The Lok Sabha on Tuesday passed the Human Immunodeficiency Virus and Acquired Immune Deficiency Syndrome (Prevention and Control) Bill 2017. While the Bill ensures that HIV positive patients are not discriminated against for either jobs or education, it only provides for access to treatment to HIV positive people “as far as possible.”
However, Union Health Minister JP Nadda made a verbal commitment before the House that all patients that test positive would get treatment free of cost. “We do not have to write this in the Bill,” said Nadda. “We stand committed [to providing free treatment to HIV positive people].”
Some MPs, including Shrikant Shinde from the Shiv Sena and Asaduddin Owaisi from the All India Majlis-e-Ittehadul Muslimeen asked in the House that the phrase “as far as possible” be removed from the legislation.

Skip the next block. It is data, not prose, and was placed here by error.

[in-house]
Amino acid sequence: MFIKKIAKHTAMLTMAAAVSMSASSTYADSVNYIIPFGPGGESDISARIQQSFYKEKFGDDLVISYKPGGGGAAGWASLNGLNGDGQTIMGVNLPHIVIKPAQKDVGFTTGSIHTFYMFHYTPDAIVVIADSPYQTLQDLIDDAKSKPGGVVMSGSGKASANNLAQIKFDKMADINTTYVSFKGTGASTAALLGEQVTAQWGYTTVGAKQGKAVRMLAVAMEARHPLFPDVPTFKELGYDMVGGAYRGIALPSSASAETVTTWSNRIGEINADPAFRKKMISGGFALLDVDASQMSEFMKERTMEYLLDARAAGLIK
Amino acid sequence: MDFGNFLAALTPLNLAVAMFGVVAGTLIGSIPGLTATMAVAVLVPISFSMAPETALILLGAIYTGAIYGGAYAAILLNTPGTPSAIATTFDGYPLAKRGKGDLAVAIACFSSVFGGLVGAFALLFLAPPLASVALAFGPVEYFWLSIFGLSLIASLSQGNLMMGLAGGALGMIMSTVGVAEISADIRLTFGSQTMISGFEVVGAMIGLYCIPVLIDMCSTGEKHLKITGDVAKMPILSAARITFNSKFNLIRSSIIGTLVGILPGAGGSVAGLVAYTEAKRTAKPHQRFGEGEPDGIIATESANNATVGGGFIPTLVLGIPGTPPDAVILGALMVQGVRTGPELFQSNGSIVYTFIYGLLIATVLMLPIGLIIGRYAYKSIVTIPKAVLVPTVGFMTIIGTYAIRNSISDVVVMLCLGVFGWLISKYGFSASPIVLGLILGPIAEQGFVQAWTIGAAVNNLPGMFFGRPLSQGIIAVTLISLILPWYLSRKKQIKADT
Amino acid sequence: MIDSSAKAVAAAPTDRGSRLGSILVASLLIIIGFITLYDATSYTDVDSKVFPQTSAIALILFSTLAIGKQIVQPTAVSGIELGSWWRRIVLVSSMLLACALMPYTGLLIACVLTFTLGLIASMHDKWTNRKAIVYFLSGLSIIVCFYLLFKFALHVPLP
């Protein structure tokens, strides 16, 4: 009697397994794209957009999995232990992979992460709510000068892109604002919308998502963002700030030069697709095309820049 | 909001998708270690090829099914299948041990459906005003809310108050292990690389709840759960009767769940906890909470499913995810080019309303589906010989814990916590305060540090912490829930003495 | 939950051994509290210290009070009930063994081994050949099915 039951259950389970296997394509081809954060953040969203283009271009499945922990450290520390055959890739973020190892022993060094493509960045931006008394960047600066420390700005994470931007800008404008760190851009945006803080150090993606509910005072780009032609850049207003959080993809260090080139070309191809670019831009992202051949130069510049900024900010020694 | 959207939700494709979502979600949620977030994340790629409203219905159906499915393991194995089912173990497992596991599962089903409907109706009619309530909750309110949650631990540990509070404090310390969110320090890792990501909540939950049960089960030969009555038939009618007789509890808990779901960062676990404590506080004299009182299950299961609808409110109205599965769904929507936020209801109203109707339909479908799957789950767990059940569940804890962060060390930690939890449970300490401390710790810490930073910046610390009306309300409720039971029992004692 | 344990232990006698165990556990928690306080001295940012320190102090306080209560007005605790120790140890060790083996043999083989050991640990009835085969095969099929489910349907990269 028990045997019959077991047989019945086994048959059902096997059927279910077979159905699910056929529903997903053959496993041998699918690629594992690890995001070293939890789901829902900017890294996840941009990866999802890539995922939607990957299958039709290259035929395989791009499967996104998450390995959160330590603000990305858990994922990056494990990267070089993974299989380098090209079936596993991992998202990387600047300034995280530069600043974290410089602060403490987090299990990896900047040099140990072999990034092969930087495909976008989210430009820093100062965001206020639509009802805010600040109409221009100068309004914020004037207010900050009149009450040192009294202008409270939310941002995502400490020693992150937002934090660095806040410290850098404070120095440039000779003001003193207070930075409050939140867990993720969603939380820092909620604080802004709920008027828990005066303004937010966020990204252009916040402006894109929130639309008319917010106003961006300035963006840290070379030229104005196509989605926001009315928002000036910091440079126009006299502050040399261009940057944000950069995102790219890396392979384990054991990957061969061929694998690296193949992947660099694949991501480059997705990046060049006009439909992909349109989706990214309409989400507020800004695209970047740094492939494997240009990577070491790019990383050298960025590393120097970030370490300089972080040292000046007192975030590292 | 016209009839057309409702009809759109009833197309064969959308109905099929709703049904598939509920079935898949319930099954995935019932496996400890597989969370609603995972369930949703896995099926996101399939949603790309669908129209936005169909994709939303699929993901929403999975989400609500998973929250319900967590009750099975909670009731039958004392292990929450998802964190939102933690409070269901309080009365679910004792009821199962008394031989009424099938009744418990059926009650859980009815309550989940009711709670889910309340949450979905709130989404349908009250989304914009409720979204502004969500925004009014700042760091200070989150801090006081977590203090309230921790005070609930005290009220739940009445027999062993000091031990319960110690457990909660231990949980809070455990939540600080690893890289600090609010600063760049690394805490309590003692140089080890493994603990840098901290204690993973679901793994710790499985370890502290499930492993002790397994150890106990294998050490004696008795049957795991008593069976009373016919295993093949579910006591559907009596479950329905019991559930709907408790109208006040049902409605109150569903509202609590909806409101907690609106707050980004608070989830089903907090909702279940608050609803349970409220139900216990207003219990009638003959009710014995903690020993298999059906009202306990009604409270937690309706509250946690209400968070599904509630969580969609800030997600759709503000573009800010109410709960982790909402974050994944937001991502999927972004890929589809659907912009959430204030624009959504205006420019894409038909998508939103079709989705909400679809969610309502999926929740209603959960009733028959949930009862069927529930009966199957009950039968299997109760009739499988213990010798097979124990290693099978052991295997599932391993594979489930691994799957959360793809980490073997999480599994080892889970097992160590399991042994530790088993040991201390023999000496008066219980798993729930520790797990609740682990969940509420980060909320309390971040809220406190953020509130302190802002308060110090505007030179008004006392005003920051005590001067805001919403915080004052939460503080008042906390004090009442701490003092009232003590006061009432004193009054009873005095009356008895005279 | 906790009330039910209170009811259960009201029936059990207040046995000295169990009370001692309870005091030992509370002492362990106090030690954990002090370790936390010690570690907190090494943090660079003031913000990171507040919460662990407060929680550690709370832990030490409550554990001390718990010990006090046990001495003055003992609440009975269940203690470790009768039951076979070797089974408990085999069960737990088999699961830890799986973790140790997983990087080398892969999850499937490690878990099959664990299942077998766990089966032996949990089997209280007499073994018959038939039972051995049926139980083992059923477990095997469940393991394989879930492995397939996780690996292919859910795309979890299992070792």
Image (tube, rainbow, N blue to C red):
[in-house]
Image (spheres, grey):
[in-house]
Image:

The Lok Sabha’s decision came after the Rajya Sabha passed the Bill on March 22. Earlier, only patients with a CD4 count of less than 500 were provided free treatment.
Scroll.in has reported about frequent stock outs of anti-HIV drugs all over the country. Only a few months ago, a paediatric HIV drug available in syrup form was completely out of stock all over the country for a little more than a month.
Civil society groups in the India working with HIV patients have criticised the Bill as it gives no legal options to patients in case stocks run out. When the same Bill was passed in the Rajya Sabha, Loon Gangte, regional coordinator for South Asia at the International Treatment Preparedness Coalition, an international agency that works for HIV/AIDS patients had told Scroll.in, “There is no statutory meaning to his promise. Tomorrow, when patients won’t get free drugs, the government will tell that they did ‘as far as possible’.”